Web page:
On another trip, we went to Key West. The trip down was great but, as we wandered about, a tension grew and the evening ended with a raucous drunken drag show, which I left precipitously, telling her I’d meet her back at our room. After that evening, I didn’t move forward with a trip we had discussed to Newfoundland and she didn’t mention it either.
I reached out again the following year – could we get together for lunch? I ended up spending a delightful couple of hours with her husband instead because she was having a bad day and hadn’t made it out of bed. There were other days that she hadn’t made it out of bed – after bad nights, where she hadn’t slept. She and her husband searched for an answer – some doctors, she said, diagnosed heavy metal poisoning. Others, she said, diagnosed Chronic Fatigue Syndrome, a diagnosis she fought because she didn’t like the idea of being a slave to a disease without a cure. She cursed her birth mother for refusing to share her medical history with her and the brother she had discovered by chance one night, bartending.
She came to New York once, and played with the idea of moving to town. That may have also been the trip when she confessed that she had envied my courage when I’d moved to New York. Planning our trip I wondered if I dared suggest something I really wanted to do because it seemed so nerdy, so square – and then was delighted when she said, “Can we do something really dorky and go to the Tree Frog exhibit at the Museum of Natural History?” That was her all over – always revealing unexpected interests and talents.
When my husband adopted our new cat, who shared her name, I texted her to let her know. “I bet she’s a feisty broad with a big mouth and a wicked look in her eye,” she responded. And she is.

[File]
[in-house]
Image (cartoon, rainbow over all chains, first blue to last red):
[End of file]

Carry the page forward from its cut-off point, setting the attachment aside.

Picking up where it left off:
I’m always nervous when I get together with someone I haven’t seen in years – maybe I won’t recognize them or we won’t have anything to talk about. It was a delightful surprise when I saw her for a weekend last October, at a milestone birthday party for a relative. She was quieter than usual, more grounded. And then we fell out of touch again for a few months.
When I spoke to my mom one Thursday in November, she told me that she’d received a call out of the blue that morning and had spent a wonderful hour on the phone with my cousin, and that talking with Pam always cheered her up. I was stuck on a bus that night and a train the next and exhausted over the weekend. But I added calling Pam to my list of things to do the next week.
But it was too late to make that call. Pam died, alone, over that weekend.
Many people will remember her for being a feisty broad with a big voice and wicked look in her eye. They’ll remember her larger-than-life, in-your-face attitude. Maybe they’ll remember how annoying that could be, as when we were in Key West.
I’ll remember that side of her, too. I’ll also remember how she noticed that tiny cardinal, sleeping gently in the hedge behind her house, and how she had so pointed it out to me, softly-voiced to keep from waking it. That was the Pam I loved spending time with. The Pam who loved dorky tree frogs. The Pam who shared my love of reading quirky books. The Pam she didn’t reveal to everyone.
RIP, Pam. I’ll miss you.